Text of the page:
December 11, 2021

The name Julian Littman may not be familiar to that many readers – but I bet the name Steeleye Span certainly is. The legendary folk-rock band, that rose to fame in the ‘70s during that glorious flowering of the English folk-rock genre, are still going strong and Julian Littman is one of their current guitarists. This release is actually pretty close to being a Steeleye Span album since all band members contribute to the project, but the concept is the brainchild of Littman and most of the song-writing is his too, so the album is rightly credited to him.

Interestingly, at least for those of us with a prog bent, it is also a concept album. That fact got me thinking about concept albums and folk-rock music which are two things that rarely seem to combine. Off the top of my head, I can only think of Steeleye Span’s own concept album Wintersmith from 2013, and the classic 1974 The King Of Elfland’s Daughter by Bob Johnson and Peter Knight, also two ex-Spanners (or whatever you call ex-members of the band!). There may well be other folk-rock concept albums that I am not aware of but given the folk tendency to tell a good yarn, it is surprising how few and far between there are. It seems that when there is a longer story to tell, bands just write longer songs – take Matty Groves by Fairport Convention which comes in at 8 minutes, or Jack Orion by Pentangle which lasts a whopping eighteen minutes, occupying one whole side of a vinyl album – half a concept album, one might say.

Anyway, back to Littman. He has based his own concept album on Goblin Market, a narrative poem written by Christina Rossetti and published way back in 1862. The poem is full of the typical fare that you would expect in folk or folk-rock lyrics– lovely maidens, dodgy goblins, sexual innuendos, and irresistible temptation. In a nutshell, the story tells of two sisters, one of whom is tempted to eat the goblin’s fruit which puts her into a coma and it’s her sister who has the task of trying to to save her. Rather unusually for such a cautionary tale, the two young damsels live happily ever after!

The music itself does not drift far from the typical Steeleye Span template, which of course is no bad thing. Temptation is a typically rhythmic folk-rock piece, with rich textures created by the violin and acoustic guitars, and nicely melodic – especially in the chorus as the goblins insistently try to lure the young lady into the trap (‘come buy our orchard fruit, come buy, come buy’ they beg). This is followed by Seduction, penned by Spud Sinclair (Steeleye Span’s other guitarist), and is based around another excellent rhythmic theme that will have you tapping your feet and smiling as the piece opens in an upbeat way, but it takes on a harder metal edge as the song develops. The vocal parts are now darker too with the ‘come buy’ phrase reappearing but sung in a distinctly menacing way.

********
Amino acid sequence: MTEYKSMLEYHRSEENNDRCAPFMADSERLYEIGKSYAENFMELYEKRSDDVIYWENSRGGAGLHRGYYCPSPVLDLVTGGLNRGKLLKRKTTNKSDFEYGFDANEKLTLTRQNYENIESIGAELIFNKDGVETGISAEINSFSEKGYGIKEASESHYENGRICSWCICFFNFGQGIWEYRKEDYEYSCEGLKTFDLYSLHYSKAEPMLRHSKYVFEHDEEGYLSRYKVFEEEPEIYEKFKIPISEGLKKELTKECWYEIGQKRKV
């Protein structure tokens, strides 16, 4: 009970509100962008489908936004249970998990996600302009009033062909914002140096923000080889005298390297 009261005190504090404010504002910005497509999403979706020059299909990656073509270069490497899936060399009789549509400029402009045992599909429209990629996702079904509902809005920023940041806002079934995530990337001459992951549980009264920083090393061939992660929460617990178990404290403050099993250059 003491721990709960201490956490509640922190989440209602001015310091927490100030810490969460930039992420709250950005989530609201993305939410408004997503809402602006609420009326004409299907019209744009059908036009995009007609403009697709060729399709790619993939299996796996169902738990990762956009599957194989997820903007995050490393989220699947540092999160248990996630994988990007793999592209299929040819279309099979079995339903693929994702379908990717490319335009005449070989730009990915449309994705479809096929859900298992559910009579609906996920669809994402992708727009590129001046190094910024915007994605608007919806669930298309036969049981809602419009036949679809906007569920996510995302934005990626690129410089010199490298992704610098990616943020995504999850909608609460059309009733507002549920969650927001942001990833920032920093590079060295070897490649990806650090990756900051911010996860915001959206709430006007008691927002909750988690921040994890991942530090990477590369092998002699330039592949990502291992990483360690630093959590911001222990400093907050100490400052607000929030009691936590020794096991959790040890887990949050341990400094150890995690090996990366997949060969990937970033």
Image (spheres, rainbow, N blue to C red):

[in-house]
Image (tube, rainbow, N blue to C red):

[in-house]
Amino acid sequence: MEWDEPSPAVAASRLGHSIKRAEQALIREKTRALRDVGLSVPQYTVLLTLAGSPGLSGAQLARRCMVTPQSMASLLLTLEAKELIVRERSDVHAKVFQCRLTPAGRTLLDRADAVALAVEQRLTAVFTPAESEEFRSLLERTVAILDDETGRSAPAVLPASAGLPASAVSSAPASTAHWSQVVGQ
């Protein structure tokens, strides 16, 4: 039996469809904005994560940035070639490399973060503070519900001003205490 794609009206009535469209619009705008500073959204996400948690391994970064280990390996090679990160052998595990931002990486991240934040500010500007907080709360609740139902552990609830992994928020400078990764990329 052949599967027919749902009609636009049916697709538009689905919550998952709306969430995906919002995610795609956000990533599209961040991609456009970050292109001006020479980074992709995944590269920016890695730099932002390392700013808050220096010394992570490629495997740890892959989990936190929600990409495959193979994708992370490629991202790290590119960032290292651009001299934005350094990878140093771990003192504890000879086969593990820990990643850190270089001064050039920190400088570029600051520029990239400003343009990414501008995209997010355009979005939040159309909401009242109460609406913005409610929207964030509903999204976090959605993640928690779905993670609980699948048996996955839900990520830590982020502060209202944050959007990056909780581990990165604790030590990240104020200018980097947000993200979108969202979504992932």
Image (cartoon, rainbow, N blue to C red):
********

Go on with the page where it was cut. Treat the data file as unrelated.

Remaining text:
For those of us who followed Steeleye Span during the ‘70s, the band undoubtedly revolved around the magical voice of Maddy Prior, so it was a surprise to me to discover she is still with the band to this day. Here she contributes the vocals on Admonition. Amazingly, her vocal timbre seems almost unchanged. The song itself is a pleasant ballad, nothing more, and with another voice might even be forgettable, but Prior lifts it up a level for sure. The next track, Addiction, is penned by Jessie May Smart, Span’s violin player. Smart also contributes vocals – very well, it must be said, even if she can hardly compete with Prior. Musically, this one is a little disjointed and seems to ramble along due to being more focused on telling the story than creating a solid self-standing song. The album closes with the two-part Salvation/Remembrance. Salvation is in line with the upbeat folk-rock numbers heard previously on the album but then without pause it segues into Remembrance with a simple but gracefully beautiful falling violin theme which is then echoed in the vocal melody. It’s a brilliant song and the best way possible to close the album.

The album duration is around thirty-five minutes, so it’s a tad on the short side, but it’s also true that the original poem is a relatively straight forward story and dragging out the tale beyond this length might have stretched many listeners’ attention span (sorry for the pun!). As it is, with the vocal diction very clear, and the spirit of the poem captured perfectly by Littman in the music, it does keep one gripped to the story.

For those fascinated by the story, John Matthews (whose wife Caitlin also sings on the album) has created a tarot card set and guidebook, illustrated by Charles Newington, based on the Goblin Market story. It looks like a labour of love so if you want to predict your future while listening to the album then this is the best way to do so. Just watch out if you draw a goblin with a barrow of fruit…..

The back cover lists the many collaborators and has links to order the Tarot deck and book